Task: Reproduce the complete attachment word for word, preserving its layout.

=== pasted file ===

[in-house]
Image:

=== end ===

[in-house]
Image: